You might recognize Ed Fayle. He visited Naval Air Station Lemoore on Pearl Harbor Day, took a tour of the Search and Rescue Unit and got a chance to view one of VFA-97's jets up close and personal.
But you may not know his story, of his years spent as a pilot fighting in World War II.
Fayle was born in St. Medard-en-Jalles, near Bordeaux, France in July of 1920. His father, Edmond, a former US Naval officer during the first World War, had returned to the Merchant Marine and was sailing the world. His mother, Mercedes, stayed in St. Medard to be near family.
"I must have been about nine months old when I first met my father, his first chance to get home to Bordeaux." Fayle said.
As a young boy, he was schooled and educated in France. When he graduated school in 1939, the storm clouds of war were once again settling over Europe, and his family fled to America to escape the Nazi oppression that would soon envelope France.
His family rented an apartment in New Jersey, where Fayle enrolled at Saint Peters University in Jersey City. Due to the advanced education he received in France, he was able to take a year of physics classes and received a degree in 1940.
He enrolled in the Naval Aviation Cadet program, and after flight training in Jacksonville, Fla., he received his wings at Naval Air Station Miami in 1941. Later that year, he joined Torpedo Squadron Eight (VT-8) at Norfolk, Va., where they were assigned to the new aircraft carrier, USS Hornet.
It wasn't long until the day of infamy plunged the US into war.
By March of 1942, the USS Hornet, her air wing and a newly minted Ensign Fayle were departing Norfolk for the war in the Pacific, via the Panama Canal. After a brief stop at Naval Air Station Alameda to on load some Army B-25 bombers, Fayle headed off to history.
On April 18, 1942, the USS Hornet was 600 miles from the coast of the Empire of Japan, launching the 16 B-25 bombers under the command of Lt. Col. James Doolittle.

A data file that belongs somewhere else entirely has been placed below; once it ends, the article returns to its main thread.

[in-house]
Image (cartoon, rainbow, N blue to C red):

Fayle watched the big planes fly off the small deck into rain and wind, wishing all the airmen Godspeed.
"As they departed the ship, I thought to myself that they were a great bunch of guys, but I hoped they were better airmen than they were poker players," Fayle said. "We won quite a bit of money from them."
The ship immediately turned about and headed back to Pearl Harbor.
During a brief stay there, Ed was part of a midnight requisition party to acquire fresh pineapples and sugar cane from a local field. However, the angry farmer didn't get the appropriate forms, and the sailors involved ran for their lives.
In the ensuing retreat, Fayle received a deep wound to his leg from a knife he was carrying when he jumped a fence. He was admitted to the hospital and would spend several weeks recovering.
In the days that followed, the ship received orders to set sail, and Fayle had to watch his squadron mates get underway without him. Little did he know he would never see most of those pilots again.
During the ensuing action that would become known as the Battle of Midway, VT-8 launched a strike against a Japanese task force of four aircraft carriers. With the outdated Devastators, they never had a chance, and every aircraft was shot down, with only one of 30 men being rescued.